Desorption atmospheric pressure photoionization

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Desorption atmospheric pressure photoionization schematic

Desorption atmospheric pressure photoionization (DAPPI) is an ambient ionization technique for mass spectrometry that uses hot solvent vapor for desorption in conjunction with photoionization. DAPPI enables direct analysis of solid samples without pretreatment and analysis of samples deposited on surfaces by means of a jet of hot solvent vapour and vacuum ultraviolet light. The hot jet thermally desorbs the sample from a surface and the vaporized sample is ionized by the vacuum ultraviolet light and consequently sampled into a mass spectrometer. [1]

Principle of operation[edit]

Desorption process[edit]

Desorption of the sample is initiated by a hot jet of solvent vapor that is targeted onto the sample by a nebulizer microchip. The microchip is heated in order to vaporize the entering solvent and create dopant molecules in order to thermally desorb the sample surface.

Ionization[edit]

A beam of 10 eV photons that are given off by a UV lamp is directed at the newly desorbed molecules, as well as the dopant molecules. Photoionization then occurs, which knocks out the molecule's electron and produces an ion. Unfortunately, this technique alone is not highly efficient for different varieties of molecules, particularly those that are not easily protonated or deprotonated. In order to completely ionize samples, dopant molecules must help. the gaseous solvent can also undergo photoionization and act as an intermediate for ionization of the sample molecules. Once dopant ions are formed, proton transfer can occur with the sample, creating more sample ions. Once ions are formed, they are sent into a mass analyzer for manipulation and detection.

Desorption and ionization mechanisms[edit]

The main desorption mechanism in DAPPI is thermal desorption due to rapid heating of the surface. Therefore DAPPI only works well for surfaces of low thermal conductivity. The ionization mechanism depends on the analyte and solvent used and for example the following analyte (M) ions may be formed: [M + H]+, [M - H], M+•, M−•.[2]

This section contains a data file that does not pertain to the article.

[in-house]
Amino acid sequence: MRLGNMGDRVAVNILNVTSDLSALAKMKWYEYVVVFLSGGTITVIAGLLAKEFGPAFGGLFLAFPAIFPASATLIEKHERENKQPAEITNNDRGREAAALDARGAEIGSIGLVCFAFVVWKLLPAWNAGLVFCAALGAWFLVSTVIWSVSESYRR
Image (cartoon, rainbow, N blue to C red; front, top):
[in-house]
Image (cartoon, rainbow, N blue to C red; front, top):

Types of component geometries[edit]

Reflection geometry[edit]

Considered the normal geometry of DAPPI, this mode is ideal for solid samples that do not need any former sample preparation. It is placed horizontally onto the plate and below the mass spec inlet. The UV lamp is directly above and releases photons to interact with the desorbed molecules formed.[3]


Transmission geometry[edit]

This mode is specialized for analyzing liquid samples, with a metal or polymer mesh replacing the sample plate in reflection geometry. The mesh is oriented 180 degrees from the nebulizer microchip and the mass spec inlet, with the lamp directing photons to the area where the mesh releases newly desorbed molecules.[4]

Applications[edit]

DAPPI can analyze both polar (e.g. verapamil) and nonpolar (e.g. anthracene) compounds. Performance of DAPPI has also been demonstrated on direct analysis of illicit drugs.[5]

See also[edit]

References[edit]

  1. ^ Haapala M, Pól J, Saarela V, Arvola V, Kotiaho T, Ketola RA, Franssila S, Kauppila TJ, Kostiainen R (2007). "Desorption Atmospheric Pressure Photoionization". Anal. Chem. 79 (20): 7867–7872. doi:10.1021/ac071152g. PMID 17803282. 
  2. ^ Luosujärvi L, Arvola V, Haapala M, Pól J, Saarela V, Franssila S, Kotiaho T, Kostiainen R, Kauppila TJ (2008). "Desorption and Ionization Mechanisms in Desorption Atmospheric Pressure Photoionization". Anal. Chem. 80 (19): 7460–7466. doi:10.1021/ac801186x. PMID 18778037. 
  3. ^ Luosujärvi L, Arvola V, Haapala M, Pól J, Saarela V, Franssila S, Kotiaho T, Kostiainen R, Kauppila TJ (2008). "Desorption and Ionization Mechanisms in Desorption Atmospheric Pressure Photoionization". Anal. Chem. 80 (19): 7460–7466. doi:10.1021/ac801186x. PMID 18778037. 
  4. ^ Luosujärvi L, Arvola V, Haapala M, Pól J, Saarela V, Franssila S, Kotiaho T, Kostiainen R, Kauppila TJ (2008). "Desorption and Ionization Mechanisms in Desorption Atmospheric Pressure Photoionization". Anal. Chem. 80 (19): 7460–7466. doi:10.1021/ac801186x. PMID 18778037. 
  5. ^ Kauppila TJ, Arvola V, Haapala M, Pól J, Aalberg L, Saarela V, Franssila S, Kotiaho T, Kostiainen R (2008). "Direct analysis of illicit drugs by desorption atmospheric pressure photoionization". Rapid Commun. Mass Spectrom. 22 (7): 979–985. doi:10.1002/rcm.3461. PMID 18320545.